Search Engine User Psychology
Any blogger can attest that they routinely receive visits owing to rather bizarre and improbable search engine referrals. Jakob Nielsen looks at recent studies of search engine user click-through patterns and has some interesting observations.
How gullible are Web users? Sadly, the answer seems to be “very.”
Professor Thorsten Joachims and colleagues at Cornell University conducted a study of search engines. Among other things, their study examined the links users followed on the SERP (search engine results page). They found that 42% of users clicked the top search hit, and 8% of users clicked the second hit. So far, no news. Many previous studies, including my own, have shown that the top few entries in search listings get the preponderance of clicks and that the number one hit gets vastly more clicks than anything else.
What is interesting is the researchers’ second test, wherein they secretly fed the search results through a script before displaying them to users. This script swapped the order of the top two search hits. In other words, what was originally the number two entry in the search engine’s prioritization ended up on top, and the top entry was relegated to second place.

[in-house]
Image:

In this swapped condition, users still clicked on the top entry 34% of the time and on the second hit 12% of the time.
Nielson’s analysis of the data seems reasonable enough: Users are lazy, too trusting of the search engines’ ability to sort properly, but do in fact make some rational calculations.